Arduino Morse Code Shield
Morse code was the breakthrough that made possible long-distance
communication in the era of the telegraph. The code represents
alphanumeric characters by short and long intervals of signal — those
familiar dots and dashes. For many years passing a Morse code test was a
prerequisite of getting a Ham license, but nowadays most radio amateurs
use it only infrequently. No longer are ship-to-ship distress signals
sent in Morse, as was the famous CQD (dah-dit-dah-dit dah-dah-dit-dah
dah-dit-dit) transmitted by the sinking Titanic’s radio operator in 1912.
Still, Morse remains important for signalling distress, if only by a lost
hiker blinking a flashlight into the lonely, dark night.
Hacking the Arduino as a Morse code trainer is fairly straightforward.
All you need is a blinking light, such as a high-intensity LED, and a sound
source, say a mini piezo speaker, to provide the beeps. Rounding out
the project is an LCD display to show the character being beeped/blinked.
The goal is to beep and simultaneously display the letters, numbers,
and a few important punctuation marks in ordered sequence. Following
this, do 50 random letters. Then, have the entire routine repeat.
The combination of beeps, flashes, and LCD display serves as an
effective tool for memorizing the Morse code.
I built this project as an Arduino shield, using an Adafruit protoshield
blank board. It will likewise work with most of the commercially pre-built
16×2 LCD shields or even just breadboarded. The hardware consists of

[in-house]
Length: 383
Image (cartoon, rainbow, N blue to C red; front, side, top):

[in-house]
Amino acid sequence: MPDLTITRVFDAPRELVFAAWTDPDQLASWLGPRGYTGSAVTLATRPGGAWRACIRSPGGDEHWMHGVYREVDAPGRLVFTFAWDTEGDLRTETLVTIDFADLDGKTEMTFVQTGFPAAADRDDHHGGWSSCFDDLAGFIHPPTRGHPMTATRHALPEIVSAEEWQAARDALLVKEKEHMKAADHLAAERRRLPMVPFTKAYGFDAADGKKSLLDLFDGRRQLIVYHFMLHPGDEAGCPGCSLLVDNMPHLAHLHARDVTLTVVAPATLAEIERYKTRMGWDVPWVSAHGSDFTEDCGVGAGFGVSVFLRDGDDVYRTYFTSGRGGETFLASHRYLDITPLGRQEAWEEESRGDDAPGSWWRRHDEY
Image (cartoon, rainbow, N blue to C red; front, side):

an 8×2 or 16×2 LCD wired to the Arduino in conventional fashion, an LED,
and a piezo speaker. Most of the actual work is done by software.
I used point-to-point wiring, otherwise known as “haywiring,” a
venerable technique lost in the mists of antiquity. Before the mid 1950s,
virtually all electronic devices were built this way, and by humans,
not robots or automatic devices.
Step 2: Pictorial schematics
The illustration depicts the project built on a Sparkfun protoshield.
An Adafruit or equivalent board works just as well. Even a
general-purpose prototyping project board is fine, though it might
be a bit tricky to get the headers aligned just right.
You can even build the project on a wireless breadboard.
Note that the current-limiting resistor on the LED is 220 ohms, and the
one on the piezo speaker is 47 ohms. The LED needs that resistor, or it
will burn out. The speaker may or may not need one, but it’s better to be
For more detail: Arduino Morse Code Shield
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